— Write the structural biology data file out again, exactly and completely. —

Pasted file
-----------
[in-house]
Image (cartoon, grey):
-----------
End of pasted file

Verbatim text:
[in-house]
Image (cartoon, grey):